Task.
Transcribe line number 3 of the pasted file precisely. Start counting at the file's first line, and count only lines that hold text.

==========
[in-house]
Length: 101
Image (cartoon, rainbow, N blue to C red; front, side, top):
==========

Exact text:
Image (cartoon, rainbow, N blue to C red; front, side, top):